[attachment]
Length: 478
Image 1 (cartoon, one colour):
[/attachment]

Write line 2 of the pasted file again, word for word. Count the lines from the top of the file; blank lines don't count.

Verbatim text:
Image 1 (cartoon, one colour):